Oregon Gov. Kate Brown signed legislation Monday to alter sentencing requirements for young offenders, which advocates are calling the most significant reform to hit the state’s juvenile justice system in a quarter-century.
The law reverses tough-on-crime sentencing rules adopted in 1994. It means a judge will be able to decide if a juvenile 15 years of age and older should be tried as an adult for serious crimes like murder and kidnapping. Young offenders will also be eligible for a parole hearing after serving half their sentence.
Similar legislation has been in the pipeline for at least a decade. State Rep. Jennifer Williamson, D-Portland, who carried the bill on the House floor, says lawmakers tried and failed to push through juvenile sentencing reform in 2013.
They succeeded this year, Williamson says, in large part due to state Sen. Jackie Winters, R-Salem, who was able to rally Republican support for the measure.
Winters died in May after a two-year-long battle with lung cancer. Her death came one week after the legislature passed the sentencing reform bill.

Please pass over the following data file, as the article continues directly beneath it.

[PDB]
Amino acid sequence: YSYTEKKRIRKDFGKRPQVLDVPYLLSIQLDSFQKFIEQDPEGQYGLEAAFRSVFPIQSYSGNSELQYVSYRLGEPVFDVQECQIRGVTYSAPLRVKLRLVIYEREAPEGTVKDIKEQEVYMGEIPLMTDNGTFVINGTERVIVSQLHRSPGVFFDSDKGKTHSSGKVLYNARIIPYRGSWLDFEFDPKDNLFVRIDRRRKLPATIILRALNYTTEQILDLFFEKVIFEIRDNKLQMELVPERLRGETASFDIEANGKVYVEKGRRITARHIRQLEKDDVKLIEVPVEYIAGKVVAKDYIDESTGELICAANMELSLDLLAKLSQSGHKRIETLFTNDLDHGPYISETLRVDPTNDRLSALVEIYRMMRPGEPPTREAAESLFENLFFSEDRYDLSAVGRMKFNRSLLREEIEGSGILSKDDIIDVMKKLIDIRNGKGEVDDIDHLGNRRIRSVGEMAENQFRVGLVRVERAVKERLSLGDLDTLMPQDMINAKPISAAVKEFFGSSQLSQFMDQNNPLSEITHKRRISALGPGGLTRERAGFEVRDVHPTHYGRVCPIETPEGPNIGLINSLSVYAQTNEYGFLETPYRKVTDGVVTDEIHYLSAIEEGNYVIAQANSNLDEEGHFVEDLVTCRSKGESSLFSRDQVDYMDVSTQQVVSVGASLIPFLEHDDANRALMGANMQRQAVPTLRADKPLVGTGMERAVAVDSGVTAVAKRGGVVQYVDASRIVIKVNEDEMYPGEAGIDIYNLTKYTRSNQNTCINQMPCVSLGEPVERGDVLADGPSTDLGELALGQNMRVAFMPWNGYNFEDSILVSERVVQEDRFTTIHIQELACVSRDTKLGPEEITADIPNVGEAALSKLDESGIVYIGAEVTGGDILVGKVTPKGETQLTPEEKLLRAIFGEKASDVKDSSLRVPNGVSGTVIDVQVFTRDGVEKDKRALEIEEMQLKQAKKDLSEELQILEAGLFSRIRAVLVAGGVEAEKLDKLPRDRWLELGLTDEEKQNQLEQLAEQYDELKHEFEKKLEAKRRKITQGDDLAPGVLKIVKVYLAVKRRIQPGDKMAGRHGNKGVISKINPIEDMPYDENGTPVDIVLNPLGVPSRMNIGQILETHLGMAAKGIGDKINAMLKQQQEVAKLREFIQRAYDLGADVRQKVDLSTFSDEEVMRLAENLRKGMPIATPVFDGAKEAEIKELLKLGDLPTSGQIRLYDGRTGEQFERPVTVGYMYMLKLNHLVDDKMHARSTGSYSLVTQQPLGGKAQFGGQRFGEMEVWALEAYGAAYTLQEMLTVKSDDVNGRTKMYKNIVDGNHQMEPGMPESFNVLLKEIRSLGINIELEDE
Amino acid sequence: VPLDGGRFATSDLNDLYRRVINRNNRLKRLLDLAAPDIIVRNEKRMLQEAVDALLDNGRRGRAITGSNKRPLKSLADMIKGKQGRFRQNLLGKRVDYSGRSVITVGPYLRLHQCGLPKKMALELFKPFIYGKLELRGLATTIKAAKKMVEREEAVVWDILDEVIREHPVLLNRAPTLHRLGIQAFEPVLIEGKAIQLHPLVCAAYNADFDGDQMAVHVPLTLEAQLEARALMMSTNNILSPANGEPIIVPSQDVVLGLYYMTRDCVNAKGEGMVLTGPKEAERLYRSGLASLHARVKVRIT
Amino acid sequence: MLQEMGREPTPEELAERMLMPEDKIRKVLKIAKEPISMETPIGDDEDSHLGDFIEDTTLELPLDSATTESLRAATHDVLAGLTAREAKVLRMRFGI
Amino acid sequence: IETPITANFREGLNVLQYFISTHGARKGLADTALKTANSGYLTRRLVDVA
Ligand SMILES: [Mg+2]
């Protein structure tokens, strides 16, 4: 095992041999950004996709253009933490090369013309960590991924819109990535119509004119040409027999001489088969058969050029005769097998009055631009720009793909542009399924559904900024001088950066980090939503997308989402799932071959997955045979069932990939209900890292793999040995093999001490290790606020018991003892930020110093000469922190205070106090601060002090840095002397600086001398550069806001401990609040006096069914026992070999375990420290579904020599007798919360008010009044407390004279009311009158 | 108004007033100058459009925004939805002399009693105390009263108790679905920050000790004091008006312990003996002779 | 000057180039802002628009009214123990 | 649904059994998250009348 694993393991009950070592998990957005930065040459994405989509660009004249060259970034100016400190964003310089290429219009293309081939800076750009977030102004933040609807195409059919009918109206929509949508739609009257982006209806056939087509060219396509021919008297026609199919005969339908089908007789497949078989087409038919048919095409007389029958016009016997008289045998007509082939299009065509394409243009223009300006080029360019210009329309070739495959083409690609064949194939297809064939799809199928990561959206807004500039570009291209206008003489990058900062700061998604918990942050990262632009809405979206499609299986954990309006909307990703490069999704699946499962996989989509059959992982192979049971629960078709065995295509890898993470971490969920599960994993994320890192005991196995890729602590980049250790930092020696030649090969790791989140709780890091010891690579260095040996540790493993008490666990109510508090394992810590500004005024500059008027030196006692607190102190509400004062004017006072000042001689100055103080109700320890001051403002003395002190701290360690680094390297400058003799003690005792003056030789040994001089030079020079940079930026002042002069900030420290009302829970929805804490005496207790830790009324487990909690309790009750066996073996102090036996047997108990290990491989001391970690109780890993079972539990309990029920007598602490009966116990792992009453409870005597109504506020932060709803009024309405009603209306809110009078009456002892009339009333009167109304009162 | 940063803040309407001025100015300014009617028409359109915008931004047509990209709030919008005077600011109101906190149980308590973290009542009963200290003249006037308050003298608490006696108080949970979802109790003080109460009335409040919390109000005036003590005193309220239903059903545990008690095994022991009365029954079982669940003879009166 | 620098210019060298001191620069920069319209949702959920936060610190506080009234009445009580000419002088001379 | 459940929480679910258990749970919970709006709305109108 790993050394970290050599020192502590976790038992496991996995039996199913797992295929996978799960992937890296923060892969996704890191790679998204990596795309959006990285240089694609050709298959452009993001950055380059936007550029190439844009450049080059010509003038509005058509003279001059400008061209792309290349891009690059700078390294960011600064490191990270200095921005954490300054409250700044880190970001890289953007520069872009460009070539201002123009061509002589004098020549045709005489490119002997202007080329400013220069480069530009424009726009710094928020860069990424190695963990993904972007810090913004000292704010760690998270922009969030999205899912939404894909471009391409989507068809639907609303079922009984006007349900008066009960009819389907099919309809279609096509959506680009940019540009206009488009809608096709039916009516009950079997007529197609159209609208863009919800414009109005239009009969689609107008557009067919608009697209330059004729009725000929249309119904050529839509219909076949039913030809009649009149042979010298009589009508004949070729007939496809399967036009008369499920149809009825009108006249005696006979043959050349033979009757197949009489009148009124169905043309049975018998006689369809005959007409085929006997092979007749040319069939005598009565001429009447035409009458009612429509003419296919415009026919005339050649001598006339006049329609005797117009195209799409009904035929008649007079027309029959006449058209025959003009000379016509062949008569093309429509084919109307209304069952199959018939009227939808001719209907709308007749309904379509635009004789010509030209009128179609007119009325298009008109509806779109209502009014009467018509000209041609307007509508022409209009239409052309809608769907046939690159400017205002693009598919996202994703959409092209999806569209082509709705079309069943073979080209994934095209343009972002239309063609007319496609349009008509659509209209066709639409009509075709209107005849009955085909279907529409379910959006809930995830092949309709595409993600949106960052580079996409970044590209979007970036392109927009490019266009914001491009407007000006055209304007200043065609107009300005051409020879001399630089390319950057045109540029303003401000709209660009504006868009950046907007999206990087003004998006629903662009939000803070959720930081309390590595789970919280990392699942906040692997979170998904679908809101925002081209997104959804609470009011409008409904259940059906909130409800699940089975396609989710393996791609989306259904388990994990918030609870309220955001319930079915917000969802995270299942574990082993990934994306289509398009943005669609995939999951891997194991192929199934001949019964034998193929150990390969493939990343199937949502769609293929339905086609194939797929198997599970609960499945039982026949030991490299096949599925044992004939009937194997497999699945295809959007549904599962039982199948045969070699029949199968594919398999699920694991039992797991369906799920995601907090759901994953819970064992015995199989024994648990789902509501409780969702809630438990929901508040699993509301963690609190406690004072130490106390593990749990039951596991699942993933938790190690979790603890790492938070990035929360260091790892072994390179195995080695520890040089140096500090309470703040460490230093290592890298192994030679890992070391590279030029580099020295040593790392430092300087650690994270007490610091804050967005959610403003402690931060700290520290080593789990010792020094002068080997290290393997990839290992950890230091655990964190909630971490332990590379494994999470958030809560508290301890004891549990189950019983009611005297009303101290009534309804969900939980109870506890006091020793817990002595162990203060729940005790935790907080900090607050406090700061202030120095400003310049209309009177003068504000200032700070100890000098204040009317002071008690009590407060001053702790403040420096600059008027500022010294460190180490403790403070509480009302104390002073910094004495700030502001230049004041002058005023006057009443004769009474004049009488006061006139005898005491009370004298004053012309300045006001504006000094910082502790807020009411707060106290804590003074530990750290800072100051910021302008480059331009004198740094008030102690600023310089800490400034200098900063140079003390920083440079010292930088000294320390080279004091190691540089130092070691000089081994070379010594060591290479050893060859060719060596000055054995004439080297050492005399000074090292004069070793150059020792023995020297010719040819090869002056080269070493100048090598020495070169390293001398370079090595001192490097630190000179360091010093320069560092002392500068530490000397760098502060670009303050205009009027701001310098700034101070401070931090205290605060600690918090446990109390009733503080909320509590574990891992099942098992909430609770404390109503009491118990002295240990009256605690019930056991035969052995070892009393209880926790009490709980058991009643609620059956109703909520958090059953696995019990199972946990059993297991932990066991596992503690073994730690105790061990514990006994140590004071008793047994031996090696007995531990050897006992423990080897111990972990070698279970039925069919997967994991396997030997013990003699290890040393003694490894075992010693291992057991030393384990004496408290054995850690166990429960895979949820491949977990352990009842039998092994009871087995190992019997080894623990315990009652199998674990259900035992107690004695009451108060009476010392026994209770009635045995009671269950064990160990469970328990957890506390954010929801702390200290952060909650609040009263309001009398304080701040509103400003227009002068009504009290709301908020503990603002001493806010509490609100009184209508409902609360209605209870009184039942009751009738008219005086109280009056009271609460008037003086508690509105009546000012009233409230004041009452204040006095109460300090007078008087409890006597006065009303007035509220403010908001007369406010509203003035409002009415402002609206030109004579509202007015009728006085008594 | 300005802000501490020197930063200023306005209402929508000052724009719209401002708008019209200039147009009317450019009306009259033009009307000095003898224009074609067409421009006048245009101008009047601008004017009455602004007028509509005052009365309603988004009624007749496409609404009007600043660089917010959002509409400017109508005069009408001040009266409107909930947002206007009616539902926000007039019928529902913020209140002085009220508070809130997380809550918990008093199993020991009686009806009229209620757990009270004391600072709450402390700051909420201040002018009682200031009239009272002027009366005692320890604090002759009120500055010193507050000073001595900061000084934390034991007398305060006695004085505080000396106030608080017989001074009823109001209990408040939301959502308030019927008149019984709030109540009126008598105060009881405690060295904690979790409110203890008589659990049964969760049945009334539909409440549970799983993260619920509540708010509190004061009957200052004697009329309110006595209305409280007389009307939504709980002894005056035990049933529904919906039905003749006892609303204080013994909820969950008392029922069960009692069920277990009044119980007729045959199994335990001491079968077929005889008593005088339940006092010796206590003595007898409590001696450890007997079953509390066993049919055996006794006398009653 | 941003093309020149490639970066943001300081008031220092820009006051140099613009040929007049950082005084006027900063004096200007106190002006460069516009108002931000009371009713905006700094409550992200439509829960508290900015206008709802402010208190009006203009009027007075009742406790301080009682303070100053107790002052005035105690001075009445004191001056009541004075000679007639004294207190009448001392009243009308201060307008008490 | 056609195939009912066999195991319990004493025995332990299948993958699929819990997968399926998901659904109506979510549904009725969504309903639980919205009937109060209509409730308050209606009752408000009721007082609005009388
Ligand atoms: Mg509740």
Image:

“We are here today because of one Republican,” says Williamson. “Jackie Winters is why we’re standing here.”
Monday’s bill signing served as an opportunity for legislators and advocates to honor the work of the veteran lawmaker, remembered by her colleagues as an impassioned champion for criminal justice reform.
Changing the way sentencing works for young offenders, Williamson says, was Winters’ “last official act.”
In a teary speech, Winters’ daughter-in-law and chief-of staff Pam McClain says that this bill was one of the few items that remained on Winters’ legislative bucket list at age 82.
“She wanted that second look for juveniles, she wanted to make sure we gave them hope,” she says. “And she wanted to make sure that we understood that we were creating our next neighbors.”
Monday’s bill signing almost did not happen — at least not in a community center in North Portland with more than 50 community activists and stakeholders looking on. Brown said, when the bill passed in May, she “immediately emailed Mrs. Winters to let her know I would literally bring the original bill to her and sign it in her presence.”
Winters declined to have the bill signed by her bedside, stressing that the event should be witnessed by voters.
“The email I got back was: ‘’This was very much a public process,’” Brown recalls. “And she wanted everyone to be part of this bill singing.”